With more than 600 cases currently going through employer tribunals, it seems many employers still continue to select on the basis of age. And the IT department and wider industry are especially vulnerable to stereotyping around age, according to employees and recruiters.
"I know one financial services company that won’t place candidates over the age of 26," said Martin Allport, managing director of IT recruitment consultancy D1. "We recently nominated a 45 year-old man to this company. He is a very good technician and would have brought the younger guys on because he had good mentoring skills. But the 35 year-old IT director turned him down on the basis he 'didn’t fit'.”
Allport said this kind of stereotyping also permeates many IT departments. "But having some grey hair might otherwise be perceived as a plus for project management, because it shows you’ve been round the block a few times and have experience."
A senior associate with Berwin Leighton Paisner, which commissioned the survey, confirms that a particular ageist aura cloaks the IT world because of the furious pace of technology churn.
"One of the cases I’ve dealt with concerns the perception that there is inherent ageism in the IT industry," said Jackie Thomas.
In that case, the plaintiff contended that a requirement for recent experience in a job vacancy hit older candidates harder because of their difficulties in landing IT jobs in the first place, prior to the 2006 legislation.
"I reject those stereotypes absolutely,” says Ben Booth, global technology director of market research giant Ipsos. “It doesn’t make a great deal of recruitment sense because the demographic time bomb is already ticking away. People have to get real about the recruitment pool available and this legislation is prodding us in the right direction, not to reject older candidates.”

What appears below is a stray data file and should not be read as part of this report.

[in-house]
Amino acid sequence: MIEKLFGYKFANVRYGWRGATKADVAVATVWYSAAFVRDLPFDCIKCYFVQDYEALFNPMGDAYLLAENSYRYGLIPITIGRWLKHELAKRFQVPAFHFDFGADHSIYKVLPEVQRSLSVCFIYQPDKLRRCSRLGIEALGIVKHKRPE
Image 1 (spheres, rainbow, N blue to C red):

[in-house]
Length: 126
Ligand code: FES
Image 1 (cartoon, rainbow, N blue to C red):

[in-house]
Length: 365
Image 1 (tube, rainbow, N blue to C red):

Booth’s concerns are pointed up by the latest official figures from the National Audit Office, published in August. Computer science and maths degrees have the highest drop-out rate among UK universities with one in 10 undergraduates not continuing into a second year of study.
These subjects have also suffered the biggest decline in first-year student intakes, dropping by a quarter since 2002. And yet the IT industry continues to grow between five and eight times faster than other sectors and needs 150,000 new entrants every year.
Although the case for considering candidates on merit and not age has never been clearer in the IT industry, Booth nonetheless admits the area is a delicate one that IT recruiters are treading carefully around.
"There are going to be older people, more set in their ways who don’t want to learn new skills, just as there are young people who aren’t going to be reliable and stick around." However the trick is not to assume this is the case.
Indeed it is this unique aspect of the legislation – it affects potentially every single worker - that makes it such a perplexing area for employers. According to Thomas, the mature age group – predominantly over-50s - form the majority of claimants. But abuse of the legislation is widespread: the Berwin Leighton Paisner survey reveals that out of more than 50 businesses across a range of sectors, more than one in 10 has already received a claim.
True, there are certain best practices that can be adopted to avoid falling foul of the law, says Jeff Brookes, chairman of the communications and IT sector for Recruitment Employers Confederation. It is considered, by legal sources to be dodgy to submit CVs with candidates’ date of birth, for example. “If a client says I want someone young and dynamic, we would only follow instructions on the dynamic part."
Recruiters have to change their mindset completely and the work culture has to adapt. Similarly other law firms report that recruiters struggle with the notion of ’justification’ as this could change according to individual company circumstances.
Ultimately, rather than concentrating on methods to stay on the right side of the law, IT employers are better advised to approach a broader spectrum of candidates for vacancies - as then they can’t go far wrong.
The industry has to be prepared to go out and get the older generation, says Brookes. "The mid 50s generation is still drifting away from IT. But the ones I know are quite capable of using their planet–sized brain to program in new languages, as well as the old.”